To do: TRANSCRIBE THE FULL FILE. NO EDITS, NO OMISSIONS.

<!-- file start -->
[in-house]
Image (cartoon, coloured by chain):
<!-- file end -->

[in-house]
Image (cartoon, coloured by chain):